The next day I went around my class asking my classmates for scraps from their projects. I received the the green thread that I used to embroider the the contour lines of a map and the jasper rock beads to symbolize the rocky slops of the flint hills. I used silk thread from my bobbin scraps to embroider the dotted line that ends with the X on Emporia where the conference was being held and the tassel since I had learned tassel making that morning.

By dinner that night, just 24 hours later, I had a finished object to show. At that point it was already known that I had successfully spun the map so the class had tried again, spinning it wet, and had even better success than I had.

The bag in action.

That white blob is a  handmade glass sheep that has graced every one of my spinning wheel oil bags. It's become my wheels' totem.

Thursday, August 08, 2013

Harder than it Looks

Nerd Wars

Challenge (Encyclopedia): VOLUME C: CARTOGRAPHY

People have been studying relative positions in geographical space for millennia. From wall paintings to global satellite networks, maps have expanded in scope and technological sophistication, but they remain a way to make sense of and gather knowledge about the physical world around us.

Craft an item inspired by maps.

my submission: 

Team Browncoat
Spinning and Knitting

Whenever I travel I always have 2 things close by, a map and my coffee. My favorite travel mug is not insulated so when I put in hot coffee it burns my hands. I won't stop using it because it's the only one i own that won't leak even if it's upside down in my knitting bag. It’s time to join the two into a useful and exciting cozy. I want a cozy that looks like a map. No. I want a cozy that IS A MAP!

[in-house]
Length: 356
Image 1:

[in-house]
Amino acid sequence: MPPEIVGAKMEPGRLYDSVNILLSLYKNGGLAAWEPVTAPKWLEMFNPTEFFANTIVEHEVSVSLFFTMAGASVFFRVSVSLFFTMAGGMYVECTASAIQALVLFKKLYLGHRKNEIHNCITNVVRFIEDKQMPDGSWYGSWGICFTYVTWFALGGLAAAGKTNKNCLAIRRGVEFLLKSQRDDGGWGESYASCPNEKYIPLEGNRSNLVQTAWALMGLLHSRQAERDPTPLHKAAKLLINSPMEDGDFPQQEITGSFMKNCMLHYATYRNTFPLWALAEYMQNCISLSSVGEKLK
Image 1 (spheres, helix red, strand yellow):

I started with an Aeronautical Chart of my home state Kansas. I liked the heavy waxy paper. I like that I know all the roads and towns as I start to cut.

Cut it into one long strip. Helper is not helpful.

Spin map into yarn. This is harder than it looks.

Knit a cozy to keep fingers unburnt while driving. Knitting paper is much harder than it looks. Use a piece of Nephrite Jade from a  Arizona as a button. It was a gift from the Hometown Swap.

Team tie in:

Mal is carrying a huge bouquet of the Kansas state flower, the Sunflower. It’s perfect as part of my identity to this place and map.

Tuesday, August 06, 2013

I call him Max

Nerd Wars

Challenge (Discovery): RISE UP, RISE UP

In 1852, Elisha Otis was hired to convert a building from a sawmill into a bedstead manufacturing plant. He devised the safety elevator as a way to move debris from the floor of that building into the overhead storage lofts. He thought so little of his device that he neither patented it, nor did he ask his superiors for any sort of bonus for creating and implementing it.

Your challenge this month is to craft an item that in some way depicts or emulates an aspect of “elevators” as they appear in another team’s nerdery.

My submission:

Team Browncoat

The lift in the Doctor Who episode The Long Game from Team Tardis. Rose and Doctor are headed up to floor 500 where the “walls are made of gold”.

 I dyed merino fiber in the blues and faded red of the lift doors. The silk is from a silk brick I’ve had in my stash since 2004ish.

I then spun it into 154 yards of aran weight yarn. It’s not that pink in real life. Although, admittedly, it didn’t spin up as red as when I dyed it either. So maybe just take a look at the blue. Yeah, that’s it. The blue.

Team tie in;

The bulkhead behind Kaylee is the same blue (and faded red).

Sunday, August 04, 2013

Lip Ferret

I'm still playing in Nerd Wars because it gives me a change to feel clever and smug. Things I try to keep to a minimum in real life so I enjoy letting loose with the knitting. The goal is to knit something to the challenge and then link it back to your team .

Challenge (Nerdology): GEEK HOLIDAYS!